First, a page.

Because it’s so compelling because it like, maybe it didn’t work, but like there was participatory democracy.

You know, that’s not something that you usually see

really in the second half of the 20th century in the first part of the 21st, so it’s a compelling story.

SPEAKER 2: Gabriel

Yeah, absolutely, and Venezuela and Bolivia had a somewhat similar trajectory, so I’ll focus on Venezuela’s, but when we get to Bolivia, I’ll talk a little bit about some of the parallels and the interesting and important contrasts.

So, Venezuela had a crisis of hegemony, a crisis of representation,

in the 1990s.

It had a two party system, two and a half party system sort of from 1958 when there was a restoration of democracy up until the 1990s.

But things really fell apart in the 80s and 90s and the sort of party system crumbled.

And so you can see this electorally, you can see this in the turnout data and the support for the traditional parties.

So by the early 1990s, traditional parties in Venezuela were not getting the support that they had before.

And then Chavez got elected from a total outsider platform in 1998.

He had committed a coup in 1992, went to prison for a couple of years, came out of prison, did four years of really sort of

vigorous organizing around the country, gets elected in a fairly big landslide election in 1998, but he’s kind of moderate when he gets elected.

He comes to Wall Street, he’s talking to Bill Clinton, he’s not shaking things up too much, but elites in Venezuela are still pissed off because he’s displaced them, he’s sort of shaking things up.

So they do not recognize him, they don’t recognize his legitimacy, he’s also mestizo, he’s a sort of darker skin, he has a more folksy,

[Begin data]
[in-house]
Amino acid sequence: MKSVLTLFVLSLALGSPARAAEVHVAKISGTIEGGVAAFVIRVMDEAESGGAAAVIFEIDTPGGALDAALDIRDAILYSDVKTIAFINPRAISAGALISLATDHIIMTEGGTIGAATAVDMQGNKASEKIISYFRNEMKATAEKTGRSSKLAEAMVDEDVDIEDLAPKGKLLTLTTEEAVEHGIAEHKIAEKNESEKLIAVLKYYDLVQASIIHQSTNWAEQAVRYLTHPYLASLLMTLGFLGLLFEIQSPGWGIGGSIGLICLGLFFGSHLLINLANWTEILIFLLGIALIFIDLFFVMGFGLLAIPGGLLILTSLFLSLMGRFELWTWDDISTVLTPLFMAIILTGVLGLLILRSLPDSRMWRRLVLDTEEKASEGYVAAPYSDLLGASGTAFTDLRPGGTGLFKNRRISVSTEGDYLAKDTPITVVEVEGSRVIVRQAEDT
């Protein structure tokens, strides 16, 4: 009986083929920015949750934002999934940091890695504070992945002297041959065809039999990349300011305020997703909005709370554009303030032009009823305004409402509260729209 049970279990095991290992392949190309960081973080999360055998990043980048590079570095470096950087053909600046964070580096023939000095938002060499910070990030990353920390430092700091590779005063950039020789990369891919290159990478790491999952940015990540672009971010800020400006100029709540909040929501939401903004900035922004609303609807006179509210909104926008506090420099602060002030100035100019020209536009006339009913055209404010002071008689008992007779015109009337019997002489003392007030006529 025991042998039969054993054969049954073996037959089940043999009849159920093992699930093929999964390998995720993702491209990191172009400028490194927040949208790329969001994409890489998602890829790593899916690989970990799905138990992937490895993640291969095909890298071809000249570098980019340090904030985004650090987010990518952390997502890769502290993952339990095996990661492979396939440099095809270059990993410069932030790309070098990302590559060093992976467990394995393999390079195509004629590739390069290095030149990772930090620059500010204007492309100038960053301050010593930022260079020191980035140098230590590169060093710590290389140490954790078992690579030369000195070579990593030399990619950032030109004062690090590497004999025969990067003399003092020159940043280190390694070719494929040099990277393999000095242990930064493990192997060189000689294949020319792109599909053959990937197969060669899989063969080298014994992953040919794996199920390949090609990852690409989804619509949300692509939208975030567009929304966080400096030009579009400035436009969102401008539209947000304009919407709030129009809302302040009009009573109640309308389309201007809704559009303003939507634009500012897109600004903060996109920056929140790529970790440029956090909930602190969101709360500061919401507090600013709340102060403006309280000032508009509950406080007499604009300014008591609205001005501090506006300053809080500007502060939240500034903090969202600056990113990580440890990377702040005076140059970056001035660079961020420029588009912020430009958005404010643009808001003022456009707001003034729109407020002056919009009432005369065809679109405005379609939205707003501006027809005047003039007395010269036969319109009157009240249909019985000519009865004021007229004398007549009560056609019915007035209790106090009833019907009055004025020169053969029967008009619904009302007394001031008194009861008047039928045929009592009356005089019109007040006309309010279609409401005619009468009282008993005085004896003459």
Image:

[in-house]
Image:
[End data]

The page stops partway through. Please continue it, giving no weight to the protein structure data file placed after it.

sort of appeal and way of speaking.

And so there’s this vigorous backlash, and that coincides with low prices of oil, and so Chavez needs to sort of do something to support some of the promises.

He talks about greater equality, sort of capitalism with a human face, so he’s not socialist initially.

And so he gets to radicalizing in 2001, and radicalization takes a few different forms.

There’s some land reform.

some oil reform which is really sort of threatening to elites within Venezuela and this really pisses the elites off and so they launch a series of processes trying to get rid of him there’s a street marches starting in late 2001 continuing into 2002 then there’s this coup against him in 2002 right after he’s shaken up the state-owned oil company the US supports the coup which kicks Chavez out again gets brought back in through popular pressure and splits within the military and then there’s a

you know two or three year period of crisis within Venezuela where it’s sort of a high levels of confrontation between Chavez and the opposition and he’s still fairly moderate I mean he’s starting to radicalize he’s doing more sort of funding of popular initiatives the so-called missions which are sort of anti-poverty and pro-empowerment

initiatives in healthcare and all sorts of other things within Venezuela.

And then by 2005, the opposition starts to be clearly defeated and Chavez is sort of in what I would think of as the golden era.

And this is where I think of what I talk about in the book as a sort of period of leftist hegemony, so we can talk more about that later if we want to, begins.

And Chavez just becomes very politically successful within Venezuela.

He’s defeated the opposition electorally.

He’s sort of defeated them.

Even in the 2004 recall referendum, he wins it by a landslide.

And the opposition changes tact, and they actually start to copy Chavez rather than trying to kill him and overthrow him.